Easter is right around the corner, and we hope you have Easter Egg hunts and Photos With the Easter Bunny to look forward to! But, before getting too wrapped up in the holiday season, we want to focus on our furry and feathery friends who do not wish to participate.
Did you know that in the weeks after Easter, thousands of unwanted baby rabbits and chicks are dropped off at animal shelters or left in the wild to fend for themselves?
Rabbits are NOT just a cute, cuddly Easter Bunny
We agree, baby rabbits are fluffy and adorable! It can be tempting to bring one home with you, but please resist this impulse unless you have done the research and know that you can care for this living creature. Given proper care, they can live 8–12 years—rabbits are a commitment!
Rabbits are not an easy “starter pet” for young children and require specialized, often time-consuming care. As a rule, do not leave young children unsupervised with any pet, but especially rabbits. If dropped, a rabbit is at elevated risk for broken bones. Rabbits also have limited flexibility in their vertebrae, and their spine could snap if held incorrectly.
Despite looking cuddly, rabbits are prey animals. Gaining their trust takes time. Some rabbits LOVE being held and are highly affectionate, but this is entirely dependent on each animal’s disposition. Each bunny is unique—like you are!
What is a rabbit’s favorite activity? Here is a hint: it involves chewing on anything and everything they can get their teeth on. So, to protect your sanity, belongings, and rabbit’s health, you will need to bunny proof any areas your little friend can access.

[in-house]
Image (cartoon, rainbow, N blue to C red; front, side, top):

Most commercial rabbit cages are far too small for full-time living quarters. In addition, rabbits need room to move around and stretch their legs, and they cannot do so in a cage. Therefore, some people bunny proof an area of their home so their pet can free roam in a safe environment.
What happens if you decide you can no longer care for your rabbit? Please, contact your local animal shelter for resources. Surrendering a pet is never easy, but sometimes it is the best option. Never release a domesticated rabbit—or any other pet—into the wild. They do not have necessary survival skills and can also damage the local ecological environment.
If, after research, you decide that you can care for a rabbit, please consider adopting one! Shelter rabbits need loving homes.
Chicks and Ducklings
Live chicks and ducklings are neither Easter decorations nor toys and, like any living creature, should be treated with respect. They start as adorable fuzz balls, but they grow up fast. Do you have the proper environment and housing to give a full-grown chicken or duck the quality of life it deserves?
Another critical factor to keep in mind is that your city might not allow keeping fowl. Many areas also require you to acquire a permit before keeping them on your property. Interested in learning more about Michigan cities that allow keeping chicken and those that do not? Check out this interesting article!
Instead of taking chicks or ducklings home with you, consider taking your children to tour a local farm. We believe it is never too early to foster a love of nature!
Pets are entirely dependent on us to provide proper care and shelter. They rely on us for everything! So before welcoming a new friend into your family, always do your best to research.